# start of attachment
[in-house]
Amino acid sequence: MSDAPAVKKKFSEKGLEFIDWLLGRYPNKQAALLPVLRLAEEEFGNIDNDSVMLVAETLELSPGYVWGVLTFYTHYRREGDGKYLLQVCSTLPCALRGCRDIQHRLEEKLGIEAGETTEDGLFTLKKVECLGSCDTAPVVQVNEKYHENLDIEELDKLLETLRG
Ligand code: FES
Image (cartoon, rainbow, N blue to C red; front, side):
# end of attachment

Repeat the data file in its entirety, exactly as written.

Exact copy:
[in-house]
Amino acid sequence: MSDAPAVKKKFSEKGLEFIDWLLGRYPNKQAALLPVLRLAEEEFGNIDNDSVMLVAETLELSPGYVWGVLTFYTHYRREGDGKYLLQVCSTLPCALRGCRDIQHRLEEKLGIEAGETTEDGLFTLKKVECLGSCDTAPVVQVNEKYHENLDIEELDKLLETLRG
Ligand code: FES
Image (cartoon, rainbow, N blue to C red; front, side):